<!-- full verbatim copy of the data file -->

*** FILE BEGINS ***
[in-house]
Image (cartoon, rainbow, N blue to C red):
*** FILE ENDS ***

[in-house]
Image (cartoon, rainbow, N blue to C red):